(at least Oprah has now vowed to adopt all her future dogs...)

Tuesday, April 01, 2008

" a girl, about to descend a snowy slope, I seemed to hear advice: Hold on tight, Marie. It seemed to come from the mountains themselves,

or from the future.”

In my continuing quest to learn about all things Marie Antoinette i picked up Abundance: a novel of Marie Antoinette, a rather richly detailed 545 page book by Sena Jeter Naslund. Naslund writes with a very obvious sympathy towards Marie Antoinette and at times it was hard to believe M.A.’s absolute goodness (even tho she did come across as quite shallow~perhaps more interested in politics and learning than i had previously thought~yet she still loathes reading.) Most of the story is told in M.A.’s own voice, but it also includes letters exchanged between M.A. and her mother (Maria Theresa, Royal Empress of Austria) and between M.A. and her brother, Joseph II (these letters were apparent constructed from the historical record). Nalund seems to have most of her details quite close to the truth (from whatever i know on the subject, and haven’t we already established that that isn’t much?~but her reliance on resources contemporary to the time seem to bear the assumption out~tho Naslund does blame the infamous “let them eat cake” line on the wife of Louis XIV when the line is probably entirely apocryphal and not attributable to anyone, in addition to not having the traditional meaning) but both a little more embellishment and a little less depth of detail might have helped (i’m not sure the length of the book was entirely warranted~Naslund turns phrases well enough that just as much could be said with less).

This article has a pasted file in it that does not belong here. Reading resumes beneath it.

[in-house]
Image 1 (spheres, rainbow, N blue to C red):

Perhaps captive animals do not see beyond the grilles of their menageries.”

M.A. led a sheltered life and she was raised to expect the privileges she received (she did try to make reforms to simplify things in court but she shows a real lack of understanding of how things really are for the peasantry and how her extravagances effect them or how truly ineffective her attempted efforts at helping that peasantry are~tho listening to her mother a tad more might have behooved her, i’m not sure it would have saved her...) She is truly surprised and confused by when the tide of public opinion turns against her but Naslund has her bear it rather gracefully, she believes her duty is to the people of France (as well as her children) even if she has little idea how to serve those needs. I felt it was quite a realistic portrayal of someone of her class, her age, living in the times that she did.

I find my mind has become a dense, opaque cloud of confusion. And what has become of the part of me that I mean when I say “I”? I am lost in a fog, I have little sense of who I am. But I know I am not what they imply.”

How can I play my role—that is to say—how can one maintain her identity, without the proper costume?”

Even though it wasn’t a terribly tedious read, it did get somewhat repetitive in some places and i didn’t feel like i needed to hear quite so much of the minute goings on of almost everyday of her life (or so it sometimes felt). I finally lost my sense of trudging along (the novel did just enough to keep me interested) once M.A. was imprisoned and began her inevitable path toward the guillotine. I was definitely sad to see her go but i don’t believe i would have enjoyed life in the eighteenth century French court~just a bit of a bore~no matter how opulent and decadent it may have been…